The attorney for a 50-year-old woman accused of placing rubbing alcohol in two bottles of orange juice at a Starbucks in San Jose last month said Friday she is "delighted" that she will not face criminal charges. Jean Elle reports.
The attorney for a 50-year-old woman accused of placing rubbing alcohol in two bottles of orange juice at a Starbucks in San Jose last month said today she is "delighted" that she will not face criminal charges.
San Jose criminal lawyer Dennis Lempert said Ramineh "Romi" Behbehanian, who was suspended by her employer due to the case, "expressed her appreciation" to him.
"We are gratified that my client's position has been vindicated and it is unfortunate that people hysterically respond to a situation and caused damage to a highly qualified, innocent scientist who has done nothing wrong," Lempert said.
"She said she is delighted about the results" of tests showing nothing harmful was found in the juice bottles, Lempert said.
In a case that made news nationwide, Behbehanian was arrested on suspicion of attempted murder and felony poisoning following the incident at a Starbucks at 6009 Snell Ave. on April 29.
A customer said Behbehanian switched two bottles of orange juice in the cafi's refrigerator with her own tainted bottles that she brought to the store in a Starbucks bag, according to police.
The San Jose Fire Department tested the liquid in the bottles and said that they contained a lethal dose of rubbing alcohol, which led to Behbehanian's arrest by San Jose police.
But the Santa Clara County District Attorney's Office said today it has decided not to file charges against Behbehanian.
Lab tests ordered by the district attorney's office found that the orange juice allegedly dropped off at the cafi by Behbehanian contained vinegar, which is not considered a harmful substance, Supervising Deputy District Attorney Luis Ramos said.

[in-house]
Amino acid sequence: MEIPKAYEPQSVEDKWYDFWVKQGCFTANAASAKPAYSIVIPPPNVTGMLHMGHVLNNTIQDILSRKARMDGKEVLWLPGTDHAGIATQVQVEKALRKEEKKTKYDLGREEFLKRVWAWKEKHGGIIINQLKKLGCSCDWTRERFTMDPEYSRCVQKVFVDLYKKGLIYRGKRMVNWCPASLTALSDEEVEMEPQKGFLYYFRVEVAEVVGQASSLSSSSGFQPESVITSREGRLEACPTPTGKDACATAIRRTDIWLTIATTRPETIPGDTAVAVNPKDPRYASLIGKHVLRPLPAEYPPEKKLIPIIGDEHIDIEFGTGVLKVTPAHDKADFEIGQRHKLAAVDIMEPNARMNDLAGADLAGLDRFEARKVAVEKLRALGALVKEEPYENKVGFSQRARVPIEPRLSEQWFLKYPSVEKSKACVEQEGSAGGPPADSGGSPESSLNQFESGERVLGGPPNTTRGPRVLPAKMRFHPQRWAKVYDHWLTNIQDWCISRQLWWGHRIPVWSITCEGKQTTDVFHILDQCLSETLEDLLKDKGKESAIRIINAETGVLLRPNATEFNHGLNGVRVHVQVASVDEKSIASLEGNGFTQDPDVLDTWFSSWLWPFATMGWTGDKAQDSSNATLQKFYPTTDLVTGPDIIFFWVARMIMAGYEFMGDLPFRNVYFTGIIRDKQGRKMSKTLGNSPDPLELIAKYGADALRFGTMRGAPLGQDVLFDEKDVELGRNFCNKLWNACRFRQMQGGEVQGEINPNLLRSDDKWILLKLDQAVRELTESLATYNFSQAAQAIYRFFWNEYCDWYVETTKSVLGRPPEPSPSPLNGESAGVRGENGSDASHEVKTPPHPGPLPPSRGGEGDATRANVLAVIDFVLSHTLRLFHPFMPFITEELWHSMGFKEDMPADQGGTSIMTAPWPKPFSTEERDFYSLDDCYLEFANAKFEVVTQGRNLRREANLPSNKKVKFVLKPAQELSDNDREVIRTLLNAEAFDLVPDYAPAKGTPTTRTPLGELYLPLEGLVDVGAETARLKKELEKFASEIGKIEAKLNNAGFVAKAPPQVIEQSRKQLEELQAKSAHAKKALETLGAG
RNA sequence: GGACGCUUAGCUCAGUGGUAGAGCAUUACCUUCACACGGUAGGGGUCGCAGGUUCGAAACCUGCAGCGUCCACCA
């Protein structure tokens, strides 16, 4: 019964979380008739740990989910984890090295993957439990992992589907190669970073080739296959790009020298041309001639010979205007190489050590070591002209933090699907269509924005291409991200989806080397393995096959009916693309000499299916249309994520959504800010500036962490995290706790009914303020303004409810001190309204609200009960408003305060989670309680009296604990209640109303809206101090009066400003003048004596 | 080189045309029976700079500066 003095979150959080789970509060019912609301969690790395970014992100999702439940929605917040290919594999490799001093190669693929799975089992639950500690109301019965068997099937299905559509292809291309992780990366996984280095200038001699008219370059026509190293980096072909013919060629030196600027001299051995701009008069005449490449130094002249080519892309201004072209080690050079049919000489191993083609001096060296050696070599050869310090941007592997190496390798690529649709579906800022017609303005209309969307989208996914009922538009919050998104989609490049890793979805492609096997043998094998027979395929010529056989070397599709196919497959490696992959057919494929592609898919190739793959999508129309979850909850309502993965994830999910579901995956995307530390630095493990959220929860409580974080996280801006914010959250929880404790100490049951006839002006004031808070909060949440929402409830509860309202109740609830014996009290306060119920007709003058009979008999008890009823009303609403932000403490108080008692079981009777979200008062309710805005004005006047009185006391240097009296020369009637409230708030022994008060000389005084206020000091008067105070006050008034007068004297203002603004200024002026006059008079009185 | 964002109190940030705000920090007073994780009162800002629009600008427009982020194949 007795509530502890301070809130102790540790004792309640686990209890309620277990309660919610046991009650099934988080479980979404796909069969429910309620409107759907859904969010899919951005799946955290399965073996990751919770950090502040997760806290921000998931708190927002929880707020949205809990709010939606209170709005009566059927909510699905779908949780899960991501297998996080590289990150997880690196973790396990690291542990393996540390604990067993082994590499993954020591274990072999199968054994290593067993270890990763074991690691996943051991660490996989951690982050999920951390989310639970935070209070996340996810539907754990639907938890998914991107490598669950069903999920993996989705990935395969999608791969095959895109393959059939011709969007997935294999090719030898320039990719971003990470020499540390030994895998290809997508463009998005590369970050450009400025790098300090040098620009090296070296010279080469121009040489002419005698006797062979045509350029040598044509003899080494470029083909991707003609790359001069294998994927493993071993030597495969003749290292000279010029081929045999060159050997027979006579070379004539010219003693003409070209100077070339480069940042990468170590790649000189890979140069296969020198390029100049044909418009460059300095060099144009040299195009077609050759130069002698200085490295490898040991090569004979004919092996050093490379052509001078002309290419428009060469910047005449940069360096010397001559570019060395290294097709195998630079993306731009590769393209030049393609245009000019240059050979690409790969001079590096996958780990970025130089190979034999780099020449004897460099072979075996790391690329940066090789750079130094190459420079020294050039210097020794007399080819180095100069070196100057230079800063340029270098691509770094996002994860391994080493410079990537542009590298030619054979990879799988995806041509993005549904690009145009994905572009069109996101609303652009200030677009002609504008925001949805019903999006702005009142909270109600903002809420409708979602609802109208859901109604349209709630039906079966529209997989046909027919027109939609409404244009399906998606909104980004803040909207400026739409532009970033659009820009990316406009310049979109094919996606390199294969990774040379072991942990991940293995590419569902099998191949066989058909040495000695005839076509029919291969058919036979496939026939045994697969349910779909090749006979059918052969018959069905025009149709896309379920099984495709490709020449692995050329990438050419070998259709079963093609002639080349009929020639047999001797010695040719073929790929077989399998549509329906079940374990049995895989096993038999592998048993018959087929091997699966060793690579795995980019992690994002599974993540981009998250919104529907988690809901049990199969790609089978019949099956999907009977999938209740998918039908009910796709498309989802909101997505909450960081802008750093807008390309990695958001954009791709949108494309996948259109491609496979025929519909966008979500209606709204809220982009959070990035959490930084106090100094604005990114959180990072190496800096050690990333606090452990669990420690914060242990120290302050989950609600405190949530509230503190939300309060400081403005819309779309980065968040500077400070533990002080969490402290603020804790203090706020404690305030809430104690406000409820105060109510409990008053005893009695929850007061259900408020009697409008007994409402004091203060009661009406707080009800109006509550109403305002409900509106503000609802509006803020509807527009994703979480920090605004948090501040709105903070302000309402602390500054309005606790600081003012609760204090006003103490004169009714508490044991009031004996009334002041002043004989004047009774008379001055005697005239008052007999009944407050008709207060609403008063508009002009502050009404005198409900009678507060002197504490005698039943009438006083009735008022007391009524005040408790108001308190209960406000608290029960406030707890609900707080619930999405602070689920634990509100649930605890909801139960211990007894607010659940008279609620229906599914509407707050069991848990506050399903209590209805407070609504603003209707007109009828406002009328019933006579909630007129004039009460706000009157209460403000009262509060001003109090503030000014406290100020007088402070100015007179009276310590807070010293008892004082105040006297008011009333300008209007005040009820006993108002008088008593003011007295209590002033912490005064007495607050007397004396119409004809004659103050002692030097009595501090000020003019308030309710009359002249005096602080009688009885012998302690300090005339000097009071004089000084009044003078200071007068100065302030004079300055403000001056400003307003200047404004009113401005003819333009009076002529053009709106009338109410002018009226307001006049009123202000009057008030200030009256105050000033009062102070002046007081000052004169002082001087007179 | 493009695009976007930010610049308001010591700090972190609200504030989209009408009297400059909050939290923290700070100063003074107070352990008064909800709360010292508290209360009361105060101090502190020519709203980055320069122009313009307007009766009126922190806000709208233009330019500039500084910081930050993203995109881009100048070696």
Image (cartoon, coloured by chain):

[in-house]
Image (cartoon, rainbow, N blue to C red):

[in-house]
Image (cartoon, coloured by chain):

"There appears to be insufficient evidence" that a crime was committed, Ramos said.
Tests that compared the juice from Behbehanian's bottles with a separate control amount of juice indicated that the vinegar was "the kind that people would put on a salad," Ramos said.
If "anyone would consume it, they would spit it out," he said.
Ramos said that based on the tests, prosecutors could not rule out that the vinegar might have been "a naturally occurring product in the juice."
The district attorney's office also cannot prove that someone put vinegar in the juice, Ramos said.
Ramos said the fire department never forwarded the results of its tests to his office.
"I have to rule it out as some kind of anomaly," Ramos said of the fire department's conclusion about the liquid.
Since ethanol alcohol can be a byproduct of fermented orange juice, that may have been what the fire department detected in its analysis, Ramos said.
Lempert said that a female barista at the Starbucks had said that the juice bottles had smelled of alcohol and the flammable liquid acetone.
That set off the whole situation, including her employer suspending her from her job at a drug company owned by Johnson & Johnson, he said.
"Her home was torn apart by police," Lempert said. "It was a horrible, horrible consequence for nothing."
"What distressed me is that everyone jumps on the bandwagon and there was nothing there," he said.
Lempert praised the district attorney's office for "its professionalism" and for acting "with restraint" in the case.
He said he and his client were not alleging that Starbucks was to blame in the controversy.
The juice in the bottles in question could have fermented naturally and turned into alcohol, or what is called "pruno" in prisons, Lempert said.
Behbehanian was booked and released several days later on May 2 from the Elmwood Correction Facility, Santa Clara County's jail for women in Milpitas, although she was never charged.
She lives in South San Jose and has undergraduate and graduate degrees in chemistry, according to her profile on LinkedIn.
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